Global Marketing Tuesday: Nintendo and Paucity

Today’s

Vocabulary

(1) Gaming console: The thing you use to play video games

The most popular gaming consoles are made by Nintendo, Sony, and Microsoft.

(2) To brag: To tell something good about yourself (or someone else)

I try not to brag about my salary, but I brag about my kids’ accomplishments all the time.

(3) Fabulous: It means “very good”, but is often used with fashion. Click here to see “fabulous”.

That’s a fabulous bag. Where did you buy it?

Today’s

Questions

1. What is the paucity strategy?

a. A way to make something expensive

b. Increasing price until few items are sold

c. Making your product rare

2. How does Nintendo negotiate well with WalMart?

a. By limiting supply

b. Through long meetings and hard work

c. By supplying as much as WalMart wants

3. Why do people brag about buying a Nintendo console?

a. It’s hard to get one

b. It’s an amazing product

c. All their friends have one

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GLOBAL MARKETING TUESDAY

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wiinner

By Jeremy Schaar

Last week we looked at the elements of luxury branding. They were performance, pedigree, paucity, persona, public figures, placement, PR, and pricing.

Most brands, however, aren’t luxury brands. But the elements are useful for many brands. This week, and in the coming weeks, we’ll look at how the different elements of luxury branding can be used.

Nintendo isn’t a luxury brand, but they release a new gaming console every five years or so. At those times, they use one of the elements of luxury branding: paucity.

Again, paucity means rare. And Nintendo has used paucity to great success.

When I was a kid, Nintendo released the Super Nintendo. We all wanted one, but not everyone could find one. No one understood why. Couldn’t they just make more? The same has been true for other consoles. The picture above is of a guy who was very excited that he got to buy a Wii. He looks like he won something! That’s some pretty great marketing when someone gives you money and looks like he won.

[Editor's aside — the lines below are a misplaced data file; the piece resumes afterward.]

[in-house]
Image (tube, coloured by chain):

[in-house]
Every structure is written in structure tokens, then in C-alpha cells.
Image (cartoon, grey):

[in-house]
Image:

Nintendo argues that they don’t know how many consoles to make and that production is hard. Don’t believe it. They sell millions of consoles, but they could sell more. They make their products rare on purpose.

They do it for the same reason that luxury handbag brands make their bags rare. When the product is rare, they can control price and create buzz.

Think about a company like Walmart. Normally, they control the price. Selling something in WalMart is so important for companies, that they must accept whatever WalMart demands. But not Nintendo. WalMart will charge whatever price Nintendo says because Nintendo’s product is rare. If WalMart doesn’t accept the price, Nintendo will just send the truck to another store. It won’t affect their sales at all.

Second, paucity creates buzz. Newspapers write about people trying to find a Nintendo Wii. People who do buy one get excited and and brag to their friends. In future years, this buzz continues to generate sales.

The strategy only works, of course, if the product is really good. A handbag should be fabulous and the Nintendo Wii should be a lot of fun to play.

Nintendo has used this strategy for almost 30 years. So, the next time Nintendo makes a new gaming console, don’t believe them when they say they don’t know how many to make and that it’s hard to produce as many as they want. They know exactly what they’re doing. It’s a very successful marketing strategy.

Got questions or comments? How about practicing some new vocabulary and posting your thoughts on the blog, Facebook, or Twitter?

CHECK YOUR ANSWERS!

Answers To Today’s Questions

C, A, A

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You Can Do It All Yourself But You Dont Have To

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